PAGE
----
Engineers, designers, and business stakeholders need to work together to deliver software in ways that are rapid, efficient, and aligned with their customers’ needs. But sometimes they have vastly different ways of working that get in the way of progress. Every project has time and budget constraints, and on top of that, every participant brings their own priorities and ways of working to the table.

In our free eBook, you will learn how to avoid this fraught situation through closer collaboration between design and engineering. But first, let’s take a look at a few common frustrations…

Too many “cooks in the kitchen” 

In every project, there will be a variety of perspectives from a range of parties. This can lead to a lot of noise and misalignment, and plenty of room for communication misfires. When there is no “agreed way of working” at the outset, there can be differing priorities which are a huge roadblock for collaborative working.

Non-technical designers and researchers lacking an understanding of how their designs will be built

Some specialist designers may have never actually participated in the development or the build of their designs, or been close to the code. This can lead to designs that are uninformed by the time, effort, or complexity needed to implement the design. 

When discovery goes rogue

Discovery is imperative to the success of any development project, but it needs to be scaled to the overall scope of the project. Too little and there may be expensive rework late in the game when new information emerges. Similarly, nobody has infinite time or money to explore ideas endlessly. Extensive discovery activities can cost a lot of money and take a lot of time. When designers don’t have ownership of the end outcome or visibility of the overall budget they may unwittingly allocate more time than needed to their own work.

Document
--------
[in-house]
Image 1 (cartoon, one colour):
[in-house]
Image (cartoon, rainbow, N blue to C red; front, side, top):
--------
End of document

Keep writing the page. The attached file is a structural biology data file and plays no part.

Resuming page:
A feature-led approach driving pointless functionality 

When teams are feature- and engineering-led, and design is an afterthought or not involved at all, they may successfully deliver feature after feature, but users don’t even use or want it. Or worse, when features are changed that ultimately make it more difficult and frustrating for users.

Not balancing the overall budget 

In many cases, a budget is set as a result of a business case done by a key stakeholder, without the assessment and collaboration of design or engineering teams. If there is a lack of visibility of the total project budget and allocation, teams have no context of the impact of their decisions on other parts of the budget. 

 

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Download our ebook where we also explore communication bottlenecks, differing philosophies and misalignment of goals and outputs as other common pain points. 

 

What is to be gained by working together collaboratively?

The opportunity of working with design and engineering as a collaborative team, is that from the outset you’re designing things with the idea of them being made, quickly, and to solve the right problem. Engineers are embedded on the journey from the beginning – fully connected with the purpose and needs of the users of the solution. When everyone’s on the same page, the communication and feedback is open, and the resulting delivery is rapid and gives a very real sense of momentum that is crucial to success.

There are a number of ways we at ClearPoint approach this to ensure that we get each team on the same page. 

 

To learn more about building better digital products through closer collaboration between design and engineering, download our free eBook here.

 

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